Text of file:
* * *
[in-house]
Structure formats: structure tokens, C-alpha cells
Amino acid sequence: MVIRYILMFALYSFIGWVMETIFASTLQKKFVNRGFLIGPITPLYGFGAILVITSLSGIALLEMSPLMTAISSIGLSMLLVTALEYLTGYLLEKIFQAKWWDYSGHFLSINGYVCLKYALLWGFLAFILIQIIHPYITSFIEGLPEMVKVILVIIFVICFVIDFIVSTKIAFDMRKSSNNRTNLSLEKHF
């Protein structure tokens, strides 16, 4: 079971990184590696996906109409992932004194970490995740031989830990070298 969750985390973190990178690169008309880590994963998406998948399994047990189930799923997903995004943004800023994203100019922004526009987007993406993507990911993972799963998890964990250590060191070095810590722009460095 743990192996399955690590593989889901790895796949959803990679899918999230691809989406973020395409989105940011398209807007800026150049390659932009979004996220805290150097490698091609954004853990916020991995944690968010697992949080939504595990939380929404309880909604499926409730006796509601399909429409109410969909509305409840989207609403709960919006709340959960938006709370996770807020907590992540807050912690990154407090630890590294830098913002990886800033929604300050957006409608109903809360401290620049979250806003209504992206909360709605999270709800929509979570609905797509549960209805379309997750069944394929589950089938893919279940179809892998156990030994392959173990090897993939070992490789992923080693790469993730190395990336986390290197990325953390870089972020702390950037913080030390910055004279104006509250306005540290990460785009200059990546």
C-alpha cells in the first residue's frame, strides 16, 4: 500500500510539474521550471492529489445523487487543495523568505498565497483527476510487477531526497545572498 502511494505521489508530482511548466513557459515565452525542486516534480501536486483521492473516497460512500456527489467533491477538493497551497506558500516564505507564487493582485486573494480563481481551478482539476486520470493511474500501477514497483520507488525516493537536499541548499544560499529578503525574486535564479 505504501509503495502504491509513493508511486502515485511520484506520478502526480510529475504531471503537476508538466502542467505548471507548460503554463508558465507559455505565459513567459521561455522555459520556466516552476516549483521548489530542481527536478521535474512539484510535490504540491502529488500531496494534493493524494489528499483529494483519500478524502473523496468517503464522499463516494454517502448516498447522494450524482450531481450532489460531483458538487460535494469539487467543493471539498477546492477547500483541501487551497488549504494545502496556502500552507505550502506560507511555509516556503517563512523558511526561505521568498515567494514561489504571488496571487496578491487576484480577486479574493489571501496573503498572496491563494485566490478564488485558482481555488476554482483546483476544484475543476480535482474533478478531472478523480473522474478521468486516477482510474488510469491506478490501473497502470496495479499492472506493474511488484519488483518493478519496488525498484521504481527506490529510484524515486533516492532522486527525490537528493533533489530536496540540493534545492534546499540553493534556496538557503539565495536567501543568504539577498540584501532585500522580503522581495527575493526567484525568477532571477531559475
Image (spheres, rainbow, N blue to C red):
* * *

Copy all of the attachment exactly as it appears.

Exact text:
[in-house]
Structure formats: structure tokens, C-alpha cells
Amino acid sequence: MVIRYILMFALYSFIGWVMETIFASTLQKKFVNRGFLIGPITPLYGFGAILVITSLSGIALLEMSPLMTAISSIGLSMLLVTALEYLTGYLLEKIFQAKWWDYSGHFLSINGYVCLKYALLWGFLAFILIQIIHPYITSFIEGLPEMVKVILVIIFVICFVIDFIVSTKIAFDMRKSSNNRTNLSLEKHF
């Protein structure tokens, strides 16, 4: 079971990184590696996906109409992932004194970490995740031989830990070298 969750985390973190990178690169008309880590994963998406998948399994047990189930799923997903995004943004800023994203100019922004526009987007993406993507990911993972799963998890964990250590060191070095810590722009460095 743990192996399955690590593989889901790895796949959803990679899918999230691809989406973020395409989105940011398209807007800026150049390659932009979004996220805290150097490698091609954004853990916020991995944690968010697992949080939504595990939380929404309880909604499926409730006796509601399909429409109410969909509305409840989207609403709960919006709340959960938006709370996770807020907590992540807050912690990154407090630890590294830098913002990886800033929604300050957006409608109903809360401290620049979250806003209504992206909360709605999270709800929509979570609905797509549960209805379309997750069944394929589950089938893919279940179809892998156990030994392959173990090897993939070992490789992923080693790469993730190395990336986390290197990325953390870089972020702390950037913080030390910055004279104006509250306005540290990460785009200059990546």
C-alpha cells in the first residue's frame, strides 16, 4: 500500500510539474521550471492529489445523487487543495523568505498565497483527476510487477531526497545572498 502511494505521489508530482511548466513557459515565452525542486516534480501536486483521492473516497460512500456527489467533491477538493497551497506558500516564505507564487493582485486573494480563481481551478482539476486520470493511474500501477514497483520507488525516493537536499541548499544560499529578503525574486535564479 505504501509503495502504491509513493508511486502515485511520484506520478502526480510529475504531471503537476508538466502542467505548471507548460503554463508558465507559455505565459513567459521561455522555459520556466516552476516549483521548489530542481527536478521535474512539484510535490504540491502529488500531496494534493493524494489528499483529494483519500478524502473523496468517503464522499463516494454517502448516498447522494450524482450531481450532489460531483458538487460535494469539487467543493471539498477546492477547500483541501487551497488549504494545502496556502500552507505550502506560507511555509516556503517563512523558511526561505521568498515567494514561489504571488496571487496578491487576484480577486479574493489571501496573503498572496491563494485566490478564488485558482481555488476554482483546483476544484475543476480535482474533478478531472478523480473522474478521468486516477482510474488510469491506478490501473497502470496495479499492472506493474511488484519488483518493478519496488525498484521504481527506490529510484524515486533516492532522486527525490537528493533533489530536496540540493534545492534546499540553493534556496538557503539565495536567501543568504539577498540584501532585500522580503522581495527575493526567484525568477532571477531559475
Image (spheres, rainbow, N blue to C red):